Thursday, May 9, 2013

My Garmin 310XT GPS/HR Watch

I am the proud new owner of a Garmin 310XT GPS and heart rate watch. I've used a Garmin 305 for the past 2 years, but felt it was time to upgrade to this newer model. Why? Because I like shiny new gadgets! Actually, the three main reasons were extended battery life (20 hours vs 8 hours), automatic ANT+ wireless data downloads, and the quicker satellite lock-on. I purchased the new 310XT with HR monitor from Amazon (factory refurbished) for $185. My old watch has found a home with a work colleague new to running (and with $40 less in his pocket).

Running reviews of the watch are quite positive. Here are the two people that got my attention the most:

Fellrnr: "Best Running Watch"

DCRainmaker: "Garmin Forerunner 310XT In Depth Review"

I never had problems with the Garmin 305, but I think the auto wireless download feature of the 310XT, along with longer battery life, will make my running easier--at least the "data tracking" part of running. Now I can use the watch for all my ultra races. Not sure I really NEEDED this new watch, but after my awesome sub-24 performance at Umstead 100, I DESERVED a reward!

Since I haven't even used the new watch yet, you'll have to wait on a full watch review. Hope to utilize the watch tonight, tomorrow morning, and every run afterward. Running is a simple sport, but that doesn't mean we can't make it more complicated with fancy running gadgets!

Only 93 days until the Howl at the Moon 8-Hour race in Danville, IL. Time to kick my training into high gear. I'll be sharing my data from the 310XT watch so you can follow along as I transform into the aerobic beast I've always dreamt of becoming.

UPDATE: After one week, I'm loving the new Garmin 310xt watch...but hating the new "soft" HR strap! The strap, underneath where the plastic transmitter goes, is chafing the hell out of my chest.  When I say "chafing," I mean cutting into my skin and drawing blood on runs as short as 5 miles! Here's a fix from DC Rainmaker's blog: http://www.dcrainmaker.com/2012/08/how-to-fix-heart-rate-strap-chaffing.html

6 comments:

Jake Wyatt said...

Hi Chris:

I did that same 305 to 310XT upgrade myself last month (I didn't want to get rid of the 305, but after two and a half years of use the battery would only hold about a 4 hour charge.)

I'm awaiting your review to see what your experiences are with the raw elevation data that's captured by the 310XT. After a few weeks with the new watch it seems to me that the two devices must somehow do things differently, as they've reported some wildly different elevation numbers over the same course. (Or perhaps there's a setting or adjustment I haven't discovered yet.)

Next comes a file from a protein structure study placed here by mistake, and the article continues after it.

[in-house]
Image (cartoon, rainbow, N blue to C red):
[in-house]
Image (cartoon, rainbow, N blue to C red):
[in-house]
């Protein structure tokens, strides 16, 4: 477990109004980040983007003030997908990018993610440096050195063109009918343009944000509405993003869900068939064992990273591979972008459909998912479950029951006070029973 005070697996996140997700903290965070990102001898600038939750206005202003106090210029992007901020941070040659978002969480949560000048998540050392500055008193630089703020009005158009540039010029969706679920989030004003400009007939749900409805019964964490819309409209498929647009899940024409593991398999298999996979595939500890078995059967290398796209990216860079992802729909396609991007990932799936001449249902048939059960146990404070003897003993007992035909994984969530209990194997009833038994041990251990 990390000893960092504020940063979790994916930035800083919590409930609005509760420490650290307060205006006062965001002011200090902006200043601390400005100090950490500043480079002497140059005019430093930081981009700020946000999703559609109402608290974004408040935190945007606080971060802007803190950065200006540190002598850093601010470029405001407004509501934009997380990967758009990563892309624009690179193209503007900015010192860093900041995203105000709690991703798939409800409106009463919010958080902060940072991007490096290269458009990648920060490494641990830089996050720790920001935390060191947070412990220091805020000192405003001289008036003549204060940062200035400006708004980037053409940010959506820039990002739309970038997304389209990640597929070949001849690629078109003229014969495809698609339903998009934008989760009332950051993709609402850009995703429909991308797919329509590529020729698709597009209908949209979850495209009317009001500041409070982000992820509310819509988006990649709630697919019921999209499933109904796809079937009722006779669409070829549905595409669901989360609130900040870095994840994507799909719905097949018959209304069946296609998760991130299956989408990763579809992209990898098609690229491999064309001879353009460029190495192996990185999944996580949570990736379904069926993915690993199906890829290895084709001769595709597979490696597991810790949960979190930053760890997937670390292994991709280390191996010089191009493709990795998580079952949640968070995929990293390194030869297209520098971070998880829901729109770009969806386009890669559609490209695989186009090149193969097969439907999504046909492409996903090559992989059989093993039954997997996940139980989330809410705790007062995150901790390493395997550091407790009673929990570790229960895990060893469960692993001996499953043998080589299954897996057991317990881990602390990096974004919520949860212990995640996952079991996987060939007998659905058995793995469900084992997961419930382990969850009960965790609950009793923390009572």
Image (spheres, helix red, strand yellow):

Looking forward to your review...

Chris said...

Jake,

I'll keep an eye on elevation differences between he two watches. I run several courses over and over, so it'll be interesting to see distance and elevation recordings on the 305 vs the 310XT.

ed said...

I can't hardly go on a run without my 310. I'm pretty happy with it. I had upgraded from a 405 -- a bigger step up, I think, than from a 305. For a while I had 2 (until I stepped on one), however, they did not read the same consistently when comparing them side to side.

One seller (buydig) on ebay recently sold over 70 of the refurbished 310s in one day -- I may buy another since I rely on it so heavily . . .

Chris said...

Ed,

So far (only 3 runs) I like the new 310xt better than my old 305. Love the wireless data download! And it seems to lock onto satellites quicker. Plus, the extended battery life should be nice for 50 mile and longer races.

David said...

The 20hr battery life is tempting...

Okay, I'm only marginally on topic here, but in the vein of running gadgets/gear, I'd be curious to hear your opinion on trekking poles for mountain ultras. I'm running T-RAD in Telluride this summer, and am trying to decide if I should use poles or not.

Chris said...

David,

I generally HATE trekking poles for hiking or running. Only once really NEEDED them (Canadian Death Race). If the race has lots of steep and long up and down sections, then they may be worthwhile. Maybe check out race reports for the specific race and see if people mention trekking poles.